CFOs believe digital transformation could mean bigger teams - survey
Finance chiefs are looking to add workers to boost digital transformation
Digital transformation emerged prominently in 2017 as a critical business focus, according to the Benchmarking Accounting and Finance Functions: 2018 report from Financial Executives Research Foundation (FERF) and global staffing firm Robert Half.
More finance chiefs are looking to add workers to aid in the transformation toward a more digital workplace rather than reduce headcount, according to the latest report.
Over half of the financial executives surveyed in the USA (59 percent) and Canada (52 percent) said they will maintain their current staffing levels due to digital transformation. Some 17 percent of US respondents and 22 percent of Canadian respondents are proactively adding to their teams over the next 12 months to address digital transformation needs.
“Digital transformation is affecting businesses in many areas, including staffing,” said Paul McDonald, Senior Executive Director for Robert Half. “With the growing need for skilled talent in North America and the limited pool of candidates, retention is paramount. Leaders need to ensure employees are engaged, challenged and developing the skills they need to advance in the organization as the business evolves.”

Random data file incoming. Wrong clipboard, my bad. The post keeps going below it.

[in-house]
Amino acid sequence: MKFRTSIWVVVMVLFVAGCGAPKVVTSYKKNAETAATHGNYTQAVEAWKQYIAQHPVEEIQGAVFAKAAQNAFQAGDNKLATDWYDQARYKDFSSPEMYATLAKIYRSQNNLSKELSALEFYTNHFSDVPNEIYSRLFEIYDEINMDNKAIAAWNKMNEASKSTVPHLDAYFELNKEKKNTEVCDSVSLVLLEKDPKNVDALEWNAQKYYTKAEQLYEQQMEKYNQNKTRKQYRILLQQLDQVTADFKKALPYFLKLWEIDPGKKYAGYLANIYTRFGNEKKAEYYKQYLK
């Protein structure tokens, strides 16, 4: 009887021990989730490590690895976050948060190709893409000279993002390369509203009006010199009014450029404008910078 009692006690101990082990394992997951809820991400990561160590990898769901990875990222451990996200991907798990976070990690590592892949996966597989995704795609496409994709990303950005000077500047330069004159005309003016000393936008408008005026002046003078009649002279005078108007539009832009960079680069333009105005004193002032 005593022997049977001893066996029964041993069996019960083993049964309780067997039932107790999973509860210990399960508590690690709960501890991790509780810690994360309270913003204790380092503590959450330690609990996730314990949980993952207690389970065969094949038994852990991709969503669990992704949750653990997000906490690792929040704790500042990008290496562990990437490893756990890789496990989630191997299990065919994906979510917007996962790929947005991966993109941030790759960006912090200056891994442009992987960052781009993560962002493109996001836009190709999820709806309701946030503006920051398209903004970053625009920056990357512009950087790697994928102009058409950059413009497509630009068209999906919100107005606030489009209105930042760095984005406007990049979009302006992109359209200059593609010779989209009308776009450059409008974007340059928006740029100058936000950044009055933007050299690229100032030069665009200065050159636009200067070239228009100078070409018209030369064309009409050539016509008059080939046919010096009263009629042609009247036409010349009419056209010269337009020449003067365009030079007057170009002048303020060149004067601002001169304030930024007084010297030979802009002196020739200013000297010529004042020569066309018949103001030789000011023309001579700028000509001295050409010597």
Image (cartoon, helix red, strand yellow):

The survey also identified other key trends:
- Organisations are automating processes for functions such as invoicing, data collection, report generation, document storage and compliance. Some firms also expect to automate financial planning and forecasting through predictive reporting within the next three years.
- Competency in data analytics shows the greatest demand. Non-technical skills such as communication and collaboration are also coveted by employers today.
- The use of cloud-based solutions continues to rise. Some 75 percent of US respondents and 73 percent of Canadian respondents are currently using or planning to deploy these services in the future.
- More than half of the US and Canadian firms surveyed still rely on manual processes for accounts reconciliation, but those percentages are declining.
“Technology continues to impact the day-to-day responsibilities of financial professionals across all levels,” said Andrej Suskavcevic, president and CEO of FEI and FERF. “However, what the report indicates is that there is a continued — and in some cases rising — need for skilled strategic thinkers and communicators to manage functions that computations cannot, as well as to interpret and apply output from tech solutions.”
Suskavcevic added, “We are seeing a growing demand for well-rounded financial executives who are able to develop and execute a broad vision that is enabled by technological advancements. How do we best take advantage of the digital age? Individuals capable of creatively answering that question will excel in today’s financial leadership roles.”